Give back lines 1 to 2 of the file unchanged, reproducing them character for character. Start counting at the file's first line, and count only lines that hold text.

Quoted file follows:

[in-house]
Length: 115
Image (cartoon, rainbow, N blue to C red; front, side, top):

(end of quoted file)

[in-house]
Length: 115